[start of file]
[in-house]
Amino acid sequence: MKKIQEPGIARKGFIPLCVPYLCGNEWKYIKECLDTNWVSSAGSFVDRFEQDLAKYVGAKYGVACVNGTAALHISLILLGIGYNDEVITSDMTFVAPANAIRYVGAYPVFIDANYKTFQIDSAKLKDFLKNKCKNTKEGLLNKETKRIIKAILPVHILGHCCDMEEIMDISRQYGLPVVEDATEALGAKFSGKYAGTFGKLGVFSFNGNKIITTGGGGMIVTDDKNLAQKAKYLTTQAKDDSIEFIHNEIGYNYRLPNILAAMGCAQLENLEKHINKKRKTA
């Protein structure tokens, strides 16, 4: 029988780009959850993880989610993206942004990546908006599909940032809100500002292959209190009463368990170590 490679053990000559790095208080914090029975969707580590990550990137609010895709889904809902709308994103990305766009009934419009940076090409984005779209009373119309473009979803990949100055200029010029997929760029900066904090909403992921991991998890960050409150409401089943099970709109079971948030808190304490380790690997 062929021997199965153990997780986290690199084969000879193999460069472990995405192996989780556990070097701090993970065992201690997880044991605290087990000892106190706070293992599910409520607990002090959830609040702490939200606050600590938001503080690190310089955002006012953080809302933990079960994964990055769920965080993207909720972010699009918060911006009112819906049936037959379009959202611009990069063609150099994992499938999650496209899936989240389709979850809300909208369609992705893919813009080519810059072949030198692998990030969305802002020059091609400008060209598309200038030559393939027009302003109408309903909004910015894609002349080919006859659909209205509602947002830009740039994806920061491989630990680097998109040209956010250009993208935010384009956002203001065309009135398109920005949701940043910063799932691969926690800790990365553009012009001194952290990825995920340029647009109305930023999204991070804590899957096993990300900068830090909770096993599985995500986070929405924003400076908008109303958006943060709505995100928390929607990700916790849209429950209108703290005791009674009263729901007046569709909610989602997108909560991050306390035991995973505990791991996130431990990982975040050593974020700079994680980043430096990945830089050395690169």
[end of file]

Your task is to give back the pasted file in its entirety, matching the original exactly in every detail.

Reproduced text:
[in-house]
Amino acid sequence: MKKIQEPGIARKGFIPLCVPYLCGNEWKYIKECLDTNWVSSAGSFVDRFEQDLAKYVGAKYGVACVNGTAALHISLILLGIGYNDEVITSDMTFVAPANAIRYVGAYPVFIDANYKTFQIDSAKLKDFLKNKCKNTKEGLLNKETKRIIKAILPVHILGHCCDMEEIMDISRQYGLPVVEDATEALGAKFSGKYAGTFGKLGVFSFNGNKIITTGGGGMIVTDDKNLAQKAKYLTTQAKDDSIEFIHNEIGYNYRLPNILAAMGCAQLENLEKHINKKRKTA
């Protein structure tokens, strides 16, 4: 029988780009959850993880989610993206942004990546908006599909940032809100500002292959209190009463368990170590 490679053990000559790095208080914090029975969707580590990550990137609010895709889904809902709308994103990305766009009934419009940076090409984005779209009373119309473009979803990949100055200029010029997929760029900066904090909403992921991991998890960050409150409401089943099970709109079971948030808190304490380790690997 062929021997199965153990997780986290690199084969000879193999460069472990995405192996989780556990070097701090993970065992201690997880044991605290087990000892106190706070293992599910409520607990002090959830609040702490939200606050600590938001503080690190310089955002006012953080809302933990079960994964990055769920965080993207909720972010699009918060911006009112819906049936037959379009959202611009990069063609150099994992499938999650496209899936989240389709979850809300909208369609992705893919813009080519810059072949030198692998990030969305802002020059091609400008060209598309200038030559393939027009302003109408309903909004910015894609002349080919006859659909209205509602947002830009740039994806920061491989630990680097998109040209956010250009993208935010384009956002203001065309009135398109920005949701940043910063799932691969926690800790990365553009012009001194952290990825995920340029647009109305930023999204991070804590899957096993990300900068830090909770096993599985995500986070929405924003400076908008109303958006943060709505995100928390929607990700916790849209429950209108703290005791009674009263729901007046569709909610989602997108909560991050306390035991995973505990791991996130431990990982975040050593974020700079994680980043430096990945830089050395690169």